A Primer on Print Design for the Church

I’m passionate about a few things. For instance, the billowing thunderstorms that roll over the prairie I grew up on. I can talk about architecture all day long. Topping the list is how the Church interacts — or doesn’t, as the unfortunate case may be — with the arts, particularly the plastic arts. Plastic arts are generally defined as arts that involve physical manipulation of a medium by moulding or modeling, such as sculpture, ceramics or painting.

Despite doing it for a living, I’m not passionate about graphic design. For me it’s simply a creative vocation that pays the bills. I’d rather be in my studio modeling clay, carving wood or building furniture. However, even though I’m not passionate about it, I understand the need for good graphic design.

The Christian community seems to choose one of two approaches when it comes to appearances. They either don’t give it much attention at all, or they give it too much consideration.

The problem with not giving print publications appropriate attention is somewhat self-explanatory. Like it or not, an organization will be judged on appearances, and, really, that’s okay. Giving design its due does not mean we are acquiescing to shallow human standards. In fact, there is Biblical precedent for doing things well and even for embellishing in our design, most notably in the plans for the tabernacle found in the book of Exodus.

The first thing a person sees when they approach a ministry or a church will probably be the signage, building itself, website or a printed pamphlet. Hans Rookmakker rightly pointed out, in his booklet Art Needs No Justification, that these visual elements

are often the outsider’s first encounter with Christians. In a way they constitute our outward face and appearance. Just as people show who they are by their clothes and the way they move, so these things (music, posters—in one word, art) are the things that form our first and sometimes decisive communication. [1]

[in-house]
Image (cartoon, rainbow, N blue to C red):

Media and design say something about a congregation, specifically about the reason and goals for the gathering. By extension, they also say something about God, about what a church thinks of God. Like a lot artistic endeavors, exactly what design says isn’t quantifiable in tidy terms, but that it does speak is undeniable.

Conversely, there is also a problem in giving too much attention to design.  Architect Michael McDonough created a fantastic list for designers called The Top 10 Things They Never Taught Me in Design School. Number four on the list is “Don’t overthink a problem.” I’ve seen some pretty crazy stage lighting in churches on Sunday mornings. I’ve seen print publications with so much flourish that any content a reader can hunt down becomes irrelevant. Perhaps the best examples of trying too hard in the church, however, are the background slides for praise and worship songs, beamed onto screens with now ubiquitous projectors.

The point of putting the words of a song on a screen is so the congregation can read them. When we put complex images — some of them animated no less — behind the lyrics, it makes them much more difficult to read. My suggestion? Leave well enough alone and keep the background a static, solid color in contrast with the color of the text and be intentional with your interior design.

An acquaintance once wrote on his blog that he aspired simply to be a good designer, not a great designer. He went on to explain that too much design sets out to be great, to win awards or gain notoriety via popular publications. Good graphic design, in contrast, sets out to communicate clearly. It is, after all, often referred to as “visual communication.”

The trick here — like in so much of life — is to find a balance and be intentional. This approach requires that money be in the budget to hire a designer every few years (if one is not on staff). With that money, it’s important to choose a designer that has a good understanding of what is needed. A church intentional about good design needs to be prepared to interact intelligently with the designer during the design process, being open to new ideas the designer might propose.  Likewise, designers need to be aware of how a church or nonprofit functions in comparison to many other clients. Slowly, that is. For example, approval of a budget for the project can take a few months, and there are often multiple parties involved in decision-making.

What is the end goal of print design? Make sure you look good for God.


Paul Nielsen has served as Communications Manager with the small mission mobilizer Mission Data International since 2004. He and his wife hope to, someday in the next five or ten years, establish or work with an arts colony-slash-retreat with the intent of mobilizing visual artists for missions. Paul works on his own sculpture as often as he can, which isn’t nearly often enough.

[1] Hans Rookmaaker, Art Needs No Justification (Downers Grove: Inter-Varsity Press, 1978), 19.

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